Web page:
1. Not to attack over enemy without warning.
2. If the enemy escapes from the battlefield, not to attack over him.
3. If the enemy surrenders and apologies, his apology will be accepted.
4. To protect the person and property of those who take refuge and seek protection.
5. Allegiance to the treaty at any cost.
6. Honor of trust.
7. Custom of hospitality and entertainment of the alien guest.
8. To protect the sanctity and modesty of the sister, wife, daughter at any cost.
9. Not kill to women and children in combat.
10. On the request of the ladies of the enemy tribe, the crime or guilt to be excused or at least to give cloths as a sign and token of sanctity if the guilt cannot be excused.
11. To protect life, honor and property of guest even at cost of the blood.
12. Not to kill anybody, even the worst enemy in the boundary of the any shrine of any saint.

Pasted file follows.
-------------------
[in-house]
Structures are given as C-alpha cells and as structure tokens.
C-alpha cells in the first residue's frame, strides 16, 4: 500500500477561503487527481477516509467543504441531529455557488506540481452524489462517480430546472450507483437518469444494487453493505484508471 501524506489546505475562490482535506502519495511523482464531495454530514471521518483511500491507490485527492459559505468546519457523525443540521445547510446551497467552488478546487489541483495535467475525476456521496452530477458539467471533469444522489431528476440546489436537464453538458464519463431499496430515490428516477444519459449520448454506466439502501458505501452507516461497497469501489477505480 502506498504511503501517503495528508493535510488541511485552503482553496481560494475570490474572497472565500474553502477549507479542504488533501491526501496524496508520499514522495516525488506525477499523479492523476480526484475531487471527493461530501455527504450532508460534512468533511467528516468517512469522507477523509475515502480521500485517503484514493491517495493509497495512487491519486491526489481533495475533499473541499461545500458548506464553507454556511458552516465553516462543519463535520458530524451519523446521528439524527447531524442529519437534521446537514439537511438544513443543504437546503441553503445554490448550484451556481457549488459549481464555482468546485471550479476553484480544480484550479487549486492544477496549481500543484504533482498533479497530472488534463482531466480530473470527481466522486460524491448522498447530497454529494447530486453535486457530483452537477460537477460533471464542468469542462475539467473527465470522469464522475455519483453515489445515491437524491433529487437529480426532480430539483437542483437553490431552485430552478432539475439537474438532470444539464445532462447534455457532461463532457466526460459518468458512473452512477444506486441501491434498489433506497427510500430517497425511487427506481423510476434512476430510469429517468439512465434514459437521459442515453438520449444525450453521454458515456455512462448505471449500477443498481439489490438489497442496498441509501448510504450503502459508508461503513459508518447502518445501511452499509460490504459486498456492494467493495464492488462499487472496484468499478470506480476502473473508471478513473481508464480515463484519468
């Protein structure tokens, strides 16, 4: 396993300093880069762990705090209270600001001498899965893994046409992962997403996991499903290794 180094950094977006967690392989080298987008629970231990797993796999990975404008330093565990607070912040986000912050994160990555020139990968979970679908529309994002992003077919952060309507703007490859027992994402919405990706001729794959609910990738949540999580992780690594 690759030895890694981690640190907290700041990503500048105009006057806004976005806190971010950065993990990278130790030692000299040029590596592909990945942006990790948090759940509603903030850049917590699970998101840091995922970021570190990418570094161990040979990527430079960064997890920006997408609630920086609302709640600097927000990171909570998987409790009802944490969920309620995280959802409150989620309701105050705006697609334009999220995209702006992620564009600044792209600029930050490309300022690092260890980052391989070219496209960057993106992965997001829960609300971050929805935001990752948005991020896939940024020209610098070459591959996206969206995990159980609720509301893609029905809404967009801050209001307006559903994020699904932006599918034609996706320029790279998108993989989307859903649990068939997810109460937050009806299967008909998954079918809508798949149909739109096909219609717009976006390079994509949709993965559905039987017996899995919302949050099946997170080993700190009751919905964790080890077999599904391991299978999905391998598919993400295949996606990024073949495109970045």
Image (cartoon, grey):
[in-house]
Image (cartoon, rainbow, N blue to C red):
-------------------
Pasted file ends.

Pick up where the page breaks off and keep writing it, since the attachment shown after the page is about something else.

13. During war time if any women or a Sayyed intervenes or carries holy Quran on the head or bears a bare sword and requests for peace the parties to the combat will stop war and refrain from bloodshed.
14. If the enemy composes and brings a Meirh, a Baloch conventional method to resolve the intricate issue including heinous crimes, here a group of elders is sent to the aggrieved party to redress the matter. ( Naudir Bakht Dr. 2009)
Baloch society comparatively presents a picture of tolerant, gender cooperative, gender-non discriminatory and human society from other neighboring societies of the region. They follow and practice the principal of feminism spontaneously. The principles are quit indigenous and had been matter of evolution for them. It remains far away from the developments achieved by the modern world for the many reasons. Despite their backwardness, however, on one account i.e. their attitude towards their women folk, they are much ahead of the non-hill people. Recent rapid changes in the society and transaction from nomadic- semi-nomadic to agro pastoral are adopting some unfair traditions, values and customs of other societies which damaging their indigenous codes of life. There is dire need of the removal unreasonable traditions, values and customs and revival of the constructive way of life with the requirement of the new era, laws and society.
Role of Women